"From two standpoints, from a coach's standpoint, the frustration level is higher when you're not playing well," Green said. "When you're playing well and not getting results, you tend to feel like you're banging your head against the wall and you feel for your players a little bit and I think it's probably harder on the players as well.

"When they go home at night and they know they've played a pretty good hockey game and didn't get the result, it's hard. When you don't play well individually that's hard as well, so it's a little bit different for both but either way is difficult."

The Oilers will be back in action on Saturday when they face the Leafs in Edmonton. The Canucks are set to battle the Jets in Winnipeg on Monday.

Add some “good” to your morning and evening.

A variety of newsletters you'll love, delivered straight to you.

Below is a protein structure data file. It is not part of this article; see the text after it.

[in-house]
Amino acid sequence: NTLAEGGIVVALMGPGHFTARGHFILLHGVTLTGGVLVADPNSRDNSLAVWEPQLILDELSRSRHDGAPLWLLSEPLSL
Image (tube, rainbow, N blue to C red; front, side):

Sign up now


To encourage thoughtful and respectful conversations, first and last names will appear with each submission to CBC/Radio-Canada's online communities (except in children and youth-oriented communities). Pseudonyms will no longer be permitted.

By submitting a comment, you accept that CBC has the right to reproduce and publish that comment in whole or in part, in any manner CBC chooses. Please note that CBC does not endorse the opinions expressed in comments. Comments on this story are moderated according to our Submission Guidelines. Comments are welcome while open. We reserve the right to close comments at any time.

Become a CBC Member

Join the conversation  Create account

Already have an account?